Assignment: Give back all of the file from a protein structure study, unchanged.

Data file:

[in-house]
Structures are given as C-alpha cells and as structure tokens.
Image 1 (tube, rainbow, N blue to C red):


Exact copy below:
[in-house]
Structures are given as C-alpha cells and as structure tokens.
Image 1 (tube, rainbow, N blue to C red):